October 18, 2016

Villalobos Desio Designs a Gramercy Park Apartment for an Art-Loving Couple

The design firm Villalobos Desio ushers architect Emery Roth's prewar aesthetic into a new era.

by Jorge S. Arango interior designer Villalobos Desio photographer Joshua McHugh

SARTORIAL SOPHISTICATE

The reasons to seek out a residence designed by Emery Roth—one of New York's preeminent apartment house architects in the 1920s and 1930s—were clear to designers Mercedes Desio and Alberto Villalobos of the eponymous firm Villalobos Desio. "There were already a lot of architectural details," says Desio of the Gramercy Park three-bedroom she and Villalobos outfitted for a young art-collecting couple.

These included handsome moldings and trim, an elegant marble fireplace and a tray ceiling extending inside from the entry hall. Desio and Villalobos emphasized Emery's characteristic trims by painting them a sultry dark gray. But to avoid overwhelming the art, Desio adds, "We wanted to make the walls like a white box." The contrast resulted in a more modern, boldly tailored aesthetic.

Less felicitous were the 9½-foot ceilings, probably a restriction placed on Emery by the developer in 1928, when the building went up. Rather than ignore it, Villalobos says they embraced it in the living room, applying a gray grasscloth with silvery fibers woven into it for subtle shimmer. "That was our disco moment," laughs Desio. But it also brought more texture and reflectivity to a north-facing room with good, but not generous, natural light.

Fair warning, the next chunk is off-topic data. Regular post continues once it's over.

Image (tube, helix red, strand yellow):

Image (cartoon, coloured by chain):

With the envelope complete, explains Villalobos, they sought lower-slung furnishings that "emphasized the horizontal middle line of the room." Going against tradition, they ditched the expected furniture grouping around the fireplace, using it instead as a device to separate the living and dining spaces into distinct areas. The graphic impact of the painted moldings and trim was ramped up considerably by a grouping of black-and-white gun photos by Marc Valesella. "They're all old guns that reference a point in history," notes Villalobos. Desio adds, "It's about the machine aesthetic, not the purpose."

That machine aesthetic shows up again in the family room's Harold Reddicliffe painting and in vintage metal light fixtures. But the designers also wanted to make every room comfortable so they would all be used, so they balanced the hard metal vibe with an inviting textural mix—sisal and hide carpets, warm woods, velvet upholstery. They also leavened the moody grays and indigo blues with playful splashes of color pulled from various artworks.

It's definitely not Roth's New York. But his sense of sophistication comes through by providing a classical prewar frame for interiors suited to a more contemporary lifestyle.

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